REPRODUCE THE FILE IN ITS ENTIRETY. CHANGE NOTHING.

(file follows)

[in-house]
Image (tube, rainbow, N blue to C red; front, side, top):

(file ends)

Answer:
[in-house]
Image (tube, rainbow, N blue to C red; front, side, top):